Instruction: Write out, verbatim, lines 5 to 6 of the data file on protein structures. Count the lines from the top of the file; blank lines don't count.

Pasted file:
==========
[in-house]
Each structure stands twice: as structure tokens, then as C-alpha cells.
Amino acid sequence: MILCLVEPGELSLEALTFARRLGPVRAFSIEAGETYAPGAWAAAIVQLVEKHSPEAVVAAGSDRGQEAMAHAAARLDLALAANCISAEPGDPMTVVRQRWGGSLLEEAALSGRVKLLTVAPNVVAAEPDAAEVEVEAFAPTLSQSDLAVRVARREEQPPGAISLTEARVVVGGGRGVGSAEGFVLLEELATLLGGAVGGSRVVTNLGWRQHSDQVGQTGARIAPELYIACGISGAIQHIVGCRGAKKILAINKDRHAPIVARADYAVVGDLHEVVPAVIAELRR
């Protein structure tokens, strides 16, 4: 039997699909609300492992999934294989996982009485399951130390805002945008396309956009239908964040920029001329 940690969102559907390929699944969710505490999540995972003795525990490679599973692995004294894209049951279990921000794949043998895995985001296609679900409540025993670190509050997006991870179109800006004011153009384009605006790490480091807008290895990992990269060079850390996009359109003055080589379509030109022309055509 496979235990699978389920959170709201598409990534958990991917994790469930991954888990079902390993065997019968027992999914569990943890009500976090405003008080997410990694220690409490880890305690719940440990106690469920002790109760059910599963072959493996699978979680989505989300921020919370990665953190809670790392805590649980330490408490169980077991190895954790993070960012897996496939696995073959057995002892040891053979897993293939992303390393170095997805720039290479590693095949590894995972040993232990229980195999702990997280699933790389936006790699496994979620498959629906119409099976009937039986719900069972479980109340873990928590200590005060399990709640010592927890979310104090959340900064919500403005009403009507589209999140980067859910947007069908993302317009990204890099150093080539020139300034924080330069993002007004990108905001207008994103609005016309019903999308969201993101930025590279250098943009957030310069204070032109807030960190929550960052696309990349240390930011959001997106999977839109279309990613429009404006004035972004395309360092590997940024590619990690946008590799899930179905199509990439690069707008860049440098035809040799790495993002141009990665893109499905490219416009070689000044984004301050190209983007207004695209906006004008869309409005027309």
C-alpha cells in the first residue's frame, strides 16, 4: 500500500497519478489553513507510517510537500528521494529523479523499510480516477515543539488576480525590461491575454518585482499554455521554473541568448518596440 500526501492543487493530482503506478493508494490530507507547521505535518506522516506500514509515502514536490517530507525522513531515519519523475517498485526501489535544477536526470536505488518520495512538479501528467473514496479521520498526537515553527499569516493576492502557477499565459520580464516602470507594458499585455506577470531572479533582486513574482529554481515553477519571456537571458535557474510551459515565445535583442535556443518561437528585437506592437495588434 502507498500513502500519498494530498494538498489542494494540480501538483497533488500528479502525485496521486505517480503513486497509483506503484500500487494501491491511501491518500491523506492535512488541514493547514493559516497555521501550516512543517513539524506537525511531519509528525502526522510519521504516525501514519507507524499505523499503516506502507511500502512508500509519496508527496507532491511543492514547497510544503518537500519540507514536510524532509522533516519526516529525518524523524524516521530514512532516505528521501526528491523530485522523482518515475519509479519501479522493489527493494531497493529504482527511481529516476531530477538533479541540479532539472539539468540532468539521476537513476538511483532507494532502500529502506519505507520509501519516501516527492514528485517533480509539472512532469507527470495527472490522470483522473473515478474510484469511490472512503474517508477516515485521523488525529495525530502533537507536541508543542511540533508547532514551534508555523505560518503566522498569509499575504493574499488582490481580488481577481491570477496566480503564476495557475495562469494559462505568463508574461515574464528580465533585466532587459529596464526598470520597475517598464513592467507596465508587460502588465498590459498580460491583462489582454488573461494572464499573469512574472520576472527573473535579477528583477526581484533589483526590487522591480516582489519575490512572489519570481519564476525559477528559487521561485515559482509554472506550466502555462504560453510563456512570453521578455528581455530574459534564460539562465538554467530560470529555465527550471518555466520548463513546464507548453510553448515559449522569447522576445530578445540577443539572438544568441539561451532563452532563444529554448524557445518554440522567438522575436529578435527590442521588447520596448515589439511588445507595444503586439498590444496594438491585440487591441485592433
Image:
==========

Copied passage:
C-alpha cells in the first residue's frame, strides 16, 4: 500500500497519478489553513507510517510537500528521494529523479523499510480516477515543539488576480525590461491575454518585482499554455521554473541568448518596440 500526501492543487493530482503506478493508494490530507507547521505535518506522516506500514509515502514536490517530507525522513531515519519523475517498485526501489535544477536526470536505488518520495512538479501528467473514496479521520498526537515553527499569516493576492502557477499565459520580464516602470507594458499585455506577470531572479533582486513574482529554481515553477519571456537571458535557474510551459515565445535583442535556443518561437528585437506592437495588434 502507498500513502500519498494530498494538498489542494494540480501538483497533488500528479502525485496521486505517480503513486497509483506503484500500487494501491491511501491518500491523506492535512488541514493547514493559516497555521501550516512543517513539524506537525511531519509528525502526522510519521504516525501514519507507524499505523499503516506502507511500502512508500509519496508527496507532491511543492514547497510544503518537500519540507514536510524532509522533516519526516529525518524523524524516521530514512532516505528521501526528491523530485522523482518515475519509479519501479522493489527493494531497493529504482527511481529516476531530477538533479541540479532539472539539468540532468539521476537513476538511483532507494532502500529502506519505507520509501519516501516527492514528485517533480509539472512532469507527470495527472490522470483522473473515478474510484469511490472512503474517508477516515485521523488525529495525530502533537507536541508543542511540533508547532514551534508555523505560518503566522498569509499575504493574499488582490481580488481577481491570477496566480503564476495557475495562469494559462505568463508574461515574464528580465533585466532587459529596464526598470520597475517598464513592467507596465508587460502588465498590459498580460491583462489582454488573461494572464499573469512574472520576472527573473535579477528583477526581484533589483526590487522591480516582489519575490512572489519570481519564476525559477528559487521561485515559482509554472506550466502555462504560453510563456512570453521578455528581455530574459534564460539562465538554467530560470529555465527550471518555466520548463513546464507548453510553448515559449522569447522576445530578445540577443539572438544568441539561451532563452532563444529554448524557445518554440522567438522575436529578435527590442521588447520596448515589439511588445507595444503586439498590444496594438491585440487591441485592433
Image: